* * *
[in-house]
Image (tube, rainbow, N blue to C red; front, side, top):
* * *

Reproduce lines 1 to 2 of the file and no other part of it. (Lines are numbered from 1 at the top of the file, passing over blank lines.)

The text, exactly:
[in-house]
Image (tube, rainbow, N blue to C red; front, side, top):